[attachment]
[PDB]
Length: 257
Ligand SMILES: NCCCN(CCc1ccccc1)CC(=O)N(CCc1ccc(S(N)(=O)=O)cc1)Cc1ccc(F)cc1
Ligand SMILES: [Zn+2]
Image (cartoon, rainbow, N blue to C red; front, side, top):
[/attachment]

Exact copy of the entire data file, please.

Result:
[PDB]
Length: 257
Ligand SMILES: NCCCN(CCc1ccccc1)CC(=O)N(CCc1ccc(S(N)(=O)=O)cc1)Cc1ccc(F)cc1
Ligand SMILES: [Zn+2]
Image (cartoon, rainbow, N blue to C red; front, side, top):